A new study has sought to provide assurance that a very high protein intake (i.e. >3g/kg/day) in individuals undergoing regular resistance exercise is safe. What makes the study particularly interesting is the fact that the extra protein in the diet came in the form of a whey protein supplement. So it bears a lot of relevance to your average gym junkie who gets their extra protein intake predominantly in the form of a protein supplement.
The researchers from Florida took a group of 11 young men (average age of 26) who had been undertaking regular resistance training for an average of 7.5 years. The study was run as a crossover design that consisted of two 8-week periods. In one of the 8-week periods, subjects consumed their normal diet, which contained on average 2.6 ± 0.8g/kg/day of protein. During the other 8 week period, subjects consumed a very high protein diet, which had an average protein content of 3.3 ± 0.8g. Each subject recorded their dietary intake by using the popular app MyFitnessPal. Despite the higher protein intake, there were no differences in dietary intake between the groups for any other measure.
Metabolic as well as body composition and performance measures were recorded at the start and end of each 8-week period. Interestingly there were no significant changes in body composition or markers of health in either group. Moreover, when consuming the very high protein diet, no adverse side effects were reported (i.e., blood lipids, glucose, renal, kidney function etc.). This suggests a number of things. Firstly, protein intake above ~2.5g/kg/day is unlikely to provide additional benefits in terms of performance of body composition even when undertaking regular resistance exercise. Secondly, when protein intake is increased from ~2.5g/kg/day to 3.3g/kg/day in the form of whey protein supplementation, it seems to present little to no adverse side effects, but just as importantly – no improvements in performance or body composition. It’s important to note that this may be a feature specific to whey protein. For example, we can’t conclude that increasing protein intake from ~2.5g/kg/day to 3.3g/kg/day by eating more poultry and meat would necessarily produce no adverse side effects. It could be that the properties of whey protein mean that it can be consumed in relatively high quantities with apparently no ill effects.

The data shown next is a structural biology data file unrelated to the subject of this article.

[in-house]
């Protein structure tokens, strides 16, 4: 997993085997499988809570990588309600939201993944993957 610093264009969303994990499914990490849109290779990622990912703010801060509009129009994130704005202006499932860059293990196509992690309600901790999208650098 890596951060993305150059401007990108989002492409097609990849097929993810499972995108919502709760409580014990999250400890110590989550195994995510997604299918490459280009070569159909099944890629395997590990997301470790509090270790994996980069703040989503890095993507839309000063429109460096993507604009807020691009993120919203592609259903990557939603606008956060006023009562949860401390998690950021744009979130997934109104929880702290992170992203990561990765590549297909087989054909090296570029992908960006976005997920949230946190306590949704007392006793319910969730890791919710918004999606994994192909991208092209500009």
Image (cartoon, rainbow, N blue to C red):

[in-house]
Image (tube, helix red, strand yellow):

So in summary, it would seem there is little benefit to going overboard when it comes to whey protein supplements. Common sense would say that the average active individual will benefit more from replacing some of their current protein intake with whey protein if they already have an average protein intake close to 2.5g/kg/day, which by conventional standards is considered the upper limit of the recommended daily protein intake. By contrast, if an individual engaged in regular weight training has a protein intake between 1.5-2.0g/kg/day –they may benefit from additional whey protein supplement on top of their existing diet.
It’s worth highlighting that the practice of recording daily dietary intake can be beneficial for the average active individual as a means of getting an accurate indication of their macronutrient intake. Many people make assumptions about their total calorie and macronutrient intake, which can be erroneous when they actually go to the trouble of writing it all down.
Antonio J, et al. The effects of a high protein diet on indices of health and body composition – a crossover trial in resistance-trained men. Journal of the International Society of Sports Nutrition. 2016;13:3.